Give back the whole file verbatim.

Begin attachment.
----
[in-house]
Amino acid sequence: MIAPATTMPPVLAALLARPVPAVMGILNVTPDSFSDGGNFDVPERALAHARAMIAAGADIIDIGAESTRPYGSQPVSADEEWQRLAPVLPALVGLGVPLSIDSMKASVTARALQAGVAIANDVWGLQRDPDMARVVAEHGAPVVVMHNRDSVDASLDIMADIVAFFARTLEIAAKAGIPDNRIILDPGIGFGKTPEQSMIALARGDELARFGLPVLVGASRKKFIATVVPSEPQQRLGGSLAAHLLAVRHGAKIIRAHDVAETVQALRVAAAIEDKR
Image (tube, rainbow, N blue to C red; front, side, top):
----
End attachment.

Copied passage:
[in-house]
Amino acid sequence: MIAPATTMPPVLAALLARPVPAVMGILNVTPDSFSDGGNFDVPERALAHARAMIAAGADIIDIGAESTRPYGSQPVSADEEWQRLAPVLPALVGLGVPLSIDSMKASVTARALQAGVAIANDVWGLQRDPDMARVVAEHGAPVVVMHNRDSVDASLDIMADIVAFFARTLEIAAKAGIPDNRIILDPGIGFGKTPEQSMIALARGDELARFGLPVLVGASRKKFIATVVPSEPQQRLGGSLAAHLLAVRHGAKIIRAHDVAETVQALRVAAAIEDKR
Image (tube, rainbow, N blue to C red; front, side, top):